Chapter XLII. The "End of the Story"
 

It was two days after Billy's new happiness had come to her that Cyril came home. He went very soon to see Billy.

The girl was surprised at the change in his appearance. He had grown thin and haggard looking, and his eyes were somber. He moved restlessly about the room for a time, finally seating himself at the piano and letting his fingers slip from one mournful little melody to another. Then, with a discordant crash, he turned.

"Billy, do you think any girl would marry--me?" he demanded.

"Why, Cyril!"

"There, now, please don't begin that," he begged fretfully. "I realize, of course, that I'm a very unlikely subject for matrimony. You made me understand that clearly enough last winter!"

"Last--winter?"

Cyril raised his eyebrows.

"Oh, I came to you for a little encouragement, and to make a confession," he said. "I made the confession--but I didn't get the encouragement."

Billy changed color. She thought she knew what he meant, but at the same time she couldn't understand why he should wish to refer to that conversation now.

"A--confession?" she repeated, hesitatingly.

"Yes. I told you that I'd begun to doubt my being such a woman- hater, after all. I intimated that you'd begun the softening process, and that then I'd found a certain other young woman who had--well, who had kept up the good work."

"Oh!" cried Billy suddenly, with a peculiar intonation. "Oh-h!" Then she laughed softly.

"Well, that was the confession," resumed Cyril. "Then I came out flat-footed and said that I wanted to marry her--but there is where I didn't get the encouragement!"

"Indeed! I'm afraid I wasn't very considerate," stammered Billy.

"No, you weren't," agreed Cyril, moodily. "I didn't know but now--" his voice softened a little--"with this new happiness of yours and Bertram's that--you might find a little encouragement for me."

"And I will," cried Billy, promptly. "Tell me about her."

"I did--last winter," reproached the man, "and you were sure I was deceiving myself. You drew the gloomiest sort of picture of the misery I would take with a wife."

"I did?" Billy was laughing very merrily now.

"Yes. You said she'd always be talking and laughing when I wanted to be quiet, and that she'd want to drag me out to parties and plays when I wanted to stay at home; and--oh, lots of things. I tried to make it clear to you that--that this little woman wasn't that sort. But I couldn't," finished Cyril, gloomily.

"But of course she isn't," declared Billy, with quick sympathy. "I--I didn't know--what--I was--talking about," she added with emphatic distinctness. Then she smiled to think how little Cyril knew how very true those words were. "Tell me about her," she begged again. "I know she must be very lovely and brilliant, and of course a wonderful musician. You couldn't choose any one else!"

To her surprise Cyril turned abruptly and began to play again. A nervous little staccato scherzo fell from his fingers, but it dropped almost at once into a quieter melody, and ended with something that sounded very much like the last strain of "Home, Sweet Home." Then he wheeled about on the piano stool.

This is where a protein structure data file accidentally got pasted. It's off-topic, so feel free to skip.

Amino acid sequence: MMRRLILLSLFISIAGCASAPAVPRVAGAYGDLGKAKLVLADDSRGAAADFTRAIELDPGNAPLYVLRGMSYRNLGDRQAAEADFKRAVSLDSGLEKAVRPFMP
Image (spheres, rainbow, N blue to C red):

"Billy, that's exactly where you're wrong--I don't want that kind of wife. I don't want a brilliant one, and--now, Billy, this sounds like horrible heresy, I know, but it's true--I don't care whether she can play, or not; but I should prefer that she shouldn't play--much!"

"Why, Cyril Henshaw!--and you, with your music! As if you could be contented with a woman like that!"

"Oh, I want her to like music, of course," modified Cyril; "but I don't care to have her make it. Billy, do you know? You'll laugh, of course, but my picture of a wife is always one thing: a room with a table and a shaded lamp, and a little woman beside it with the light on her hair, and a great, basket of sewing beside her. You see I am domestic!" he finished a little defiantly.

"I should say you were," laughed Billy. "And have you found her?-- this little woman who is to do nothing but sit and sew in the circle of the shaded lamp?"

"Yes, I've found her, but I'm not at all sure she's found me. That's where I want your help. Oh, I don't mean, of course," he added, "that she's got to sit under that lamp all the time. It's only that--that I hope she likes that sort of thing."

"And--does she?"

"Yes; that is, I think she does," smiled Cyril. "Anyhow, she told me once that--that the things she liked best to do in all the world were to mend stockings and to make puddings."

Billy sprang to her feet with a little cry. Now, indeed, had Cyril kept his promise and made "many things clear" to her.

"Cyril, come here," she cried tremulously, leading the way to the open veranda door. The next moment Cyril was looking across the lawn to the little summerhouse in the midst of Billy's rose garden. In full view within the summerhouse sat Marie--sewing.

"Go, Cyril; she's waiting for you," smiled Billy, mistily. "The light's only the sun, to be sure, and maybe there isn't a whole basket of sewing there. But--she's there!"

"You've--guessed, then!" breathed Cyril.

"I've not guessed--I know. And--it's all right."

"You mean--?" Only Cyril's pleading eyes finished the question.

"Yes, I'm sure she does," nodded Billy. And then she added under her breath as the man passed swiftly down the steps: "'Marie Henshaw' indeed! So 'twas Cyril all the time--and never Bertram-- who was the inspiration of that bit of paper give-away!"

When she turned back into the room she came face to face with Bertram.

"I spoke, dear, but you didn't hear," he said, as he hurried forward with outstretched hands.

"Bertram," greeted Billy, with surprising irrelevance, "'and they all lived happily ever after'--they did! Isn't that always the ending to the story--a love story?"

"Of course," said Bertram with emphasis;--"our love story!"

"And theirs," supplemented Billy, softly; but Bertram did not hear that.